In 1976 members of the Gordon College Board of Trustees met to select a new dean of faculty, facing an option not unlike the one immortalized in Robert Frost’s poem The Road Not Taken: two paths diverging, one less traveled and inviting a greater leap of faith in the person of a 35-year-old with a strong academic pedigree but limited administrative experience. The discussion was spirited and splintered. Finally a senior, respected member of the Search Committee expressed, “Let’s give the young man a chance.”
R. Judson Carlberg created a faculty development program that won national recognition. He distinguished himself as senior vice president for development, directing the campaign that produced A. J. Gordon Memorial Chapel and culminating in his selection in 1992 as the seventh president of Gordon College. After 19 years at the helm of one of the best Christian colleges in the country—and leaving as Gordon’s longest serving administrator—his tenure validates the faith of those who took a chance on untapped potential, and highlights how God’s plan draws the right people at the right time.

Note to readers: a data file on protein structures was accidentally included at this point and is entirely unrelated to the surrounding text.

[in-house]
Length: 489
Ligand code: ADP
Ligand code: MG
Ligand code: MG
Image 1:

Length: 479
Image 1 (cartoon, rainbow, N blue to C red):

Jud Carlberg’s legacy will showcase significant growth of Gordon’s campus; the expansion of student experiences academically, extracurricularly, and in global programming; and pushing boundaries in impacting culture with emphasis on Christian perspective in the arts and sciences.
Perhaps the less visible imprint of his presidency has been a leadership style of quiet confidence—the ability to express a vision for the future, bolster change and growth, bridge differences of opinion and lead where an institution needs to go, not where it expects to go. Jud Carlberg’s style reflects a hallmark of the Gordon ethos as expressed by Philipp Melanchthon: “In essentials, unity. In nonessentials, liberty. In all things, charity.”
Working in loving partnership, Jan Carlberg has her own memorable profile, marked by prolific writing, passionate storytelling, and an uncanny ability to reach impressionable students or weary staff with kind words, a note of encouragement or a shoulder to lean on. So what might be the fundamental Carlberg legacy? Men and women distinguished by intellectual maturity and Christian character, dedicated to lives of service, and prepared for leadership roles worldwide.
And so Gordon comes once again to roads diverging as we bid farewell to a trusted path of remarkable progress; and again commit our future to God’s grace and wisdom, trusting Him for the right people in the right place at the right time.